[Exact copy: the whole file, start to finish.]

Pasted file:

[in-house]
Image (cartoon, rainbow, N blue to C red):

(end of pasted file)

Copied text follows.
[in-house]
Image (cartoon, rainbow, N blue to C red):